Clinical simulation useful in physician assistant education
Widespread plans among programs to increase use of simulation suggest that faculty find it beneficial.
About one-quarter of programs report that student performance has improved as a result of simulation use.
SAN FRANCISCO — Clinical simulation is widely used to teach and assess clinical skills in physician assistant (PA) education, according to findings presented at the American Academy of Physician Assistants 2015 meeting.
Karen Beer, PA-C, and James Stoehr, PhD, from the Midwestern University PA Program in Glendale, Arizona sought to examine the extent of clinical simulation use during the didactic and clinical phases of PA education and determine the various forms of simulation used to teach and assess clinical skills.
They sent a web-based survey to PA program directors of all existing programs, requesting information on clinical simulation activities.
Based on data from 63 responding PA programs, 90% of programs use standardized patients, 88.3% use task trainers, and 85% use low-fidelity mannequins. In addition, 73.3% of programs use high-fidelity mannequins, 71.7% use heart/lung sound machines, and 26.7% use virtual reality simulators.
A large majority of PA programs use clinical simulation during the didactic portion of the program: 98% use low-fidelity mannequins, 94.8% use standardized patients, 94.7% use task trainers, and 93.5% use heart/lung sound machines.
In comparison, fewer programs reported using clinical simulation during the clinical phase: 79% use standardized patients, 59.2% use high-fidelity mannequins, and 36.7% use low-fidelity mannequins.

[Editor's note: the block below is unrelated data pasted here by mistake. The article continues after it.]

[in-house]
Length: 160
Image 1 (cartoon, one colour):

“Clinical skills are more frequently taught than assessed using clinical simulation,” noted Beer. “Heart/lung sound machines, task trainers, low-fidelity mannequins, high-fidelity mannequins, and virtual reality are used more frequently to teach clinical skills, while standardized patients are used more often to assess clinical skills — 96.3% vs. 74%.”
Furthermore, 72% of programs use a dedicated clinical simulation center. In 47.6% of these programs, the simulation center is owned by the university, and in 33.3% of the programs it is owned by the medical school. Among programs that use a simulation center, 45.2% pay for its use. In addition, PA program faculty debrief cases with students 92.7% of the time, write cases 85.4% of the time, and operate high-fidelity mannequins or computers 51.2% of the time.
About one-quarter of programs (21.4%) report collecting data indicating that student performance has improved as a result of simulation use, and 69% of respondents intend to expand their use of clinical simulation in the future.
“Widespread plans among programs to increase their use of simulation suggest that faculty find the use of simulation beneficial,” stated Beer.
“In the future, simulation could be used to augment unscheduled experiences students get on clinical rotations with scheduled, deliberate practice of less commonly encountered patient scenarios,” she concluded. “In this way, simulation could be used to alleviate clinical rotation shortages currently seen in PA education.”